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Squirrel tree frog

Hyla squirella


I think he's a green tree frog, but they're not native to where I live in Louisville, KY...he's solid green on top, with a gold band that runs from his eyes on down, gold edging around his back legs, his belly is white, almost translucent. He has black eyes with a gold circle around the edge, I think they go completely black at night...


I went on vacation to the Outer Banks, NC 3 weeks ago. I found him inside my car 2 days it possible he has lived inside my car for 3 weeks? Or did someone release a pet? He's quite small, I'm assuming still young. I don't think anyone would release such a young pet, they're usually older when they tire of them. Or have they moved to KY because of climate changes?

1 Species ID Suggestions

Squirrel tree frog
Hyla squirella

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sarahzfleming 8 years ago

Typo noticed: I used a clear plastic bin, so the light would attract flies and so I could watch him. It would probably be easier to go to a local pet store and get an aquarium and other frog supplies, etc. I think u can feed them crickets and use a screen lid. If you drill up a plastic bin, make sure to smooth out the rough cuts on the inside, because he may jump into them and cut himself catching flying insects.

sarahzfleming 8 years ago

It's a squirrel tree frog. I just had the same thing happen to me. We found it in the car, or actually he was jumping around on our drive home, while in nj. I put him in a cup, so he would be safe for the last leg of the drive. He must have been hiding in one of our beach chairs and came out when it got dark, as they are nocturnal. Unfortunately, here in nj, he is far from his native habitat. Currently, I drilled holes a ton of holes in a clar plastic bin, lid and upper sides. Used a scraper to smooth them, to prevent them from cutting him. I used a bit just big enough to let flies in, needed to be pretty large, but just small enough that he couldn't get out. At night, I put a led flash light inside, which draws in flies and I watch him eat them. I leave him some filtered water in the bottom. Chlorine in untreated tap water isn't good for them. I will probably make a surf trip back down there this fall to return him. Amphibian numbers are steadily declining, so I would prefer to give him a chance in his native habitat/ back where he came from. Lesson learned: remove tree frogs from outside stuff before I pack it. Pretty neat to watch him eat flies at night though.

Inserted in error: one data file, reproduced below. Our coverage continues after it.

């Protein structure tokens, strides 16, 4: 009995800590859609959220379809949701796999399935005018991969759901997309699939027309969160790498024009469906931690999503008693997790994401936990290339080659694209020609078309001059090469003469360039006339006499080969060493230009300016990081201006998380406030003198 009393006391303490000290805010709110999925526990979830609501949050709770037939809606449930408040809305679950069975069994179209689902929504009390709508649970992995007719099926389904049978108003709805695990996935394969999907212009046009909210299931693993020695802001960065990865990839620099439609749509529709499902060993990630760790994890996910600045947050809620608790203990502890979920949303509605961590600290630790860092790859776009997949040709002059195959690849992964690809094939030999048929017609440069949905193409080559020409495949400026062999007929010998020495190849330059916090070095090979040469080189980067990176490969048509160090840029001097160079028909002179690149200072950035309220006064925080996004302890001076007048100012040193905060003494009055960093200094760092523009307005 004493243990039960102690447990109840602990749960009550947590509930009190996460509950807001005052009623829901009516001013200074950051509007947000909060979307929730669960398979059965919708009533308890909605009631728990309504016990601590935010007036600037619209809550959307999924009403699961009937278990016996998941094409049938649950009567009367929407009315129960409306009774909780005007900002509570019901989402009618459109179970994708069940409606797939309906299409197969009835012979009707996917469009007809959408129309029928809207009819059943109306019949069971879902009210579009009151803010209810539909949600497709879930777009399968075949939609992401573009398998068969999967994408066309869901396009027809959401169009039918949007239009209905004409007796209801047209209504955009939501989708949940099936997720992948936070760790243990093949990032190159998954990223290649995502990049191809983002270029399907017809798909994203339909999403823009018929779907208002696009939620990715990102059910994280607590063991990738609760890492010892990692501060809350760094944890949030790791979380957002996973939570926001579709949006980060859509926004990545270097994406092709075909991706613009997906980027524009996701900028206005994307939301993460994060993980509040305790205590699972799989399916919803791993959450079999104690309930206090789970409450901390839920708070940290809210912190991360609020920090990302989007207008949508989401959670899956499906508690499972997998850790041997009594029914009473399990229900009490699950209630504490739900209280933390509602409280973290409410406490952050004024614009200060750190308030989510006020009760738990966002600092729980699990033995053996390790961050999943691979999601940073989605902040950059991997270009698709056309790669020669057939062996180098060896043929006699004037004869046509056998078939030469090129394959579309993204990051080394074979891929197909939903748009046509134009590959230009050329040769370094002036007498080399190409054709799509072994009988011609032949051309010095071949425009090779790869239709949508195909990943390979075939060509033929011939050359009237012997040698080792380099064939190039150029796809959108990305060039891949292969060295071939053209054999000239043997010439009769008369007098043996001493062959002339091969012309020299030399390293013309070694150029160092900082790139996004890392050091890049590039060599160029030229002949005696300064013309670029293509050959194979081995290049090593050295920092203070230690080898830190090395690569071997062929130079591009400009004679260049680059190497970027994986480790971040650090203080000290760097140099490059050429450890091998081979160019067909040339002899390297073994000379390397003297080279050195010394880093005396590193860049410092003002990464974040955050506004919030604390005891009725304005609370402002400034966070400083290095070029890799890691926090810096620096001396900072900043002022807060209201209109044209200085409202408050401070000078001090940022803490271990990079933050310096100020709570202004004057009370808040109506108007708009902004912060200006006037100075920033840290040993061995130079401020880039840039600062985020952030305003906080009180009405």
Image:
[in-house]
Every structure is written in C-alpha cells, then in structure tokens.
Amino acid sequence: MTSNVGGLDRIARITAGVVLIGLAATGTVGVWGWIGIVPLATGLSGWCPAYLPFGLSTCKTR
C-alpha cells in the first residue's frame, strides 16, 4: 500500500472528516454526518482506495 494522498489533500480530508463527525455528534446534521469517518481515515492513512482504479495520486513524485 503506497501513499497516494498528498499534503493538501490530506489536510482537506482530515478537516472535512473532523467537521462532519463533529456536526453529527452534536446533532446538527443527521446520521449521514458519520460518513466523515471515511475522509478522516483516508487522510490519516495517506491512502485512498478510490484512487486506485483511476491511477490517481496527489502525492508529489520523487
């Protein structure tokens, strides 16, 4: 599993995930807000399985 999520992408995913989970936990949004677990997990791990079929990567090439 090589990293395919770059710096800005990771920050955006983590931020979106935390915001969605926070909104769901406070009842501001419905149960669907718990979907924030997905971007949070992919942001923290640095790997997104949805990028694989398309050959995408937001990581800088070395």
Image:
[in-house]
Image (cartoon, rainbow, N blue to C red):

DiannaEviFenton 9 years ago

Now that I've done more research I believe he is a squirrel tree frog, still not native to my area, but very common where I was vacationing (OBX, NC) If anyone out there can identify him I would greatly appreciate it! Thx!!

Spotted by

Louisville, Kentucky, USA

Spotted on Aug 6, 2013
Submitted on Aug 8, 2013

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